Lower Back Pain from Spinal Stenosis
A common cause of lower back pain in older adults is spinal stenosis. Spinal stenosis is commonly caused by arthritis changes in the spine. Arthritis causes narrowing of the spinal canal. If the spinal canal becomes too narrow the nerves are compressed which results in pain. Then, a unique pain pattern called neurogenic claudication develops.
As a result of neurogenic claudication, the farther a person walks, the more the nerves are squeezed. The more the nerves are squeezed, the more pain is felt in the back and legs. To relieve the pain, the person must stop walking or sit down. The only other health issue that has a similar pattern is a circulation problem.
The treatment for spinal stenosis depends on how severe the symptoms are. For instance, with milder symptoms, the treatment includes exercise and anti-inflammatory medications. The exercise program includes a few key parts: one, strengthening the core muscles (abdomen and back muscles), two, stretching the back and leg muscles, three, correcting poor motor control patterns. For number three, a physical therapist or chiropractic provider can help.
In regards to anti-inflammatory medications, the most commonly used include ice, ibuprofen, and naproxen. They are available over-the-counter. Also, there are many anti-inflammatory medications available with a prescription that are stronger or longer acting. Although they all work in a similar way, some people have better results with some versus others.
On the other hand, more severe symptoms can limit a person’s ability to walk. In particular, with worsening neurogenic claudication, back and leg pain increase as the person walks farther. The person gets to the point where they truly can’t take another step. They must lean forward or sit down for relief. After a period of rest, they can walk again and the cycle repeats. In these cases, surgical consultation is often needed.
An exercise program is helpful for a couple of reasons. It won’t increase the size of the spinal canal, but it will train the body to support and protect the spine. Core strengthening helps improve the reflex function of the core muscles, so they automatically contract and protect the spine. One of the core muscles, called the transverse abdominis (TVA) is a key muscle that works reflexively to protect the back with movement.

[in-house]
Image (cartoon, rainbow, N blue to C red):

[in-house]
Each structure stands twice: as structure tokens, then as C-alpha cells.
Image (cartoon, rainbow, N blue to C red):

In addition, stretching helps restore the range of motion to muscles. When hip and leg muscles are shorter than they should be they pull the spine into a less optimal position. This position can put more bad forces on the back and predispose to irritation and pain.
Lower Back Pain Relief
Treating the pain from spinal stenosis depends on the type of pain. With back problems, there is aching pain from arthritis changes and nerve pain from nerve compression. The aching pain responds best to ICE and anti-inflammatory medications (ibuprofen and naproxen). Meanwhile, burning and tingling respond better to a different group of medications called nerve pain agents. Common examples of nerve pain medications are gabapentin, amitriptyline, and duloxetine. Interestingly, this group of medications works by raising the level at which the nerve sends pain signals.
In conclusion, spinal stenosis is a common cause of lower back pain in those over 50 years. If symptoms are mild treatment is conservative with exercise therapy, ICE, and medications. On the other hand, severe symptoms with neurogenic claudication that limit walking often require more invasive treatment, including surgery.